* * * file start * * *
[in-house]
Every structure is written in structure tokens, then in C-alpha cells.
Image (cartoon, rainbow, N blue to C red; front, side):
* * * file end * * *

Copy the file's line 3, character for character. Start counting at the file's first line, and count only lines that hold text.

Image (cartoon, rainbow, N blue to C red; front, side):